County changes conservation grants evaluation process

The Board of Island County Commissioners decided to change the scoring process of applications for the conservation futures program during a recent work session meeting.

The grant can be used to purchase land for preservation of threatened areas of open space, such as timber lands, wetlands, habitat areas, agricultural farmlands and more.

Under the current process, the Citizens Advisory Board ranks applications based on numerical scores from each member. The new process will eliminate numerical scoring, and the advisory board will only submit a narrative evaluation to the commissioners.

The commissioners would also receive separate evaluations from the Department of Natural Resources and county Planning Department.

“The reality is that people are using subjective opinions to get to their indisputable numbers, so that’s where I’m more supportive of the narrative,” said Commissioner Jill Johnson. “I’d rather have the thought process shown than just the number, where I can’t see how they reached it.”

Commissioner Rick Hannold said he agrees, but Commissioner Helen Price Johnson said she believes the numbers made the process more simple.

The commissioners also opted to remove the funding priorities from the application.

These priorities were originally given to serve as a communication tool for applicants to help them understand which projects the commissioners would consider most important, said Elaine Marlow, director of General Services Administration, which oversees the program.

During the meeting, commissioners Hannold and Johnson pointed out the importance of being clear about their priorities.

“In my mind, it feels only fair to say what these priorities are upfront,” said Johnson.

However, Price Johnson said the criteria given in the application makes it clear enough what the goals of the program are. Hannold and Johnson said they would give precedence to sites for stormwater drainage and shoreline access and Price Johnson included resource lands and farmland in her list of priorities.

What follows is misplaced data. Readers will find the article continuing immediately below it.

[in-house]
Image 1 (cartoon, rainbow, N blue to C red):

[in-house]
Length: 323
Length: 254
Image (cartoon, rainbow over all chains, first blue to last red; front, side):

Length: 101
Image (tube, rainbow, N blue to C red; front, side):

“I would suggest that if people are considering applying that they do outreach to individual commissioners to make sure they know what we’re thinking, so that they know,” said Johnson.

These changes will be in effect for the upcoming 2018 application process.

More in News

A chance to get to know the Captain Whidbey, new owners

Over a century old and a central Whidbey landmark, the Captain Whidbey… Continue reading

New education, training program for juvenile court

Island County Juvenile Court will soon start a pilot program aimed at… Continue reading

Naval search and rescue team rescues two people from Cascade Mountains

A Search and Rescue (SAR) team from Naval Air Station (NAS) Whidbey… Continue reading

Expert: Chief followed protocol

David Marks’ arrest of suspect ‘exactly what we teach’

Photo by Laura Guido/Whidbey News-Times.
                                Donovan McCulley cheers at the end of the commencement ceremony Saturday.
Oak Harbor grads show ‘inspirational ambition’

Oak Harbor High School’s class of 2018 reached graduation through four years… Continue reading

Power outage planned for Thursday in Coupeville

About 900 Puget Sound Energy customers in Coupeville will be left in… Continue reading

Marc Gallaway
Oak Harbor grad earns state Principal of the Year honor

Marc Gallaway, a 1988 graduate of Oak Harbor High School and currently… Continue reading

Survey shows mostly positive impression of rural events

Though public hearings on the issue have often been contentious on both… Continue reading

Port executive director gets raise

The Port of Coupeville Executive Director is receiving a pay raise. Chris… Continue reading

Most Read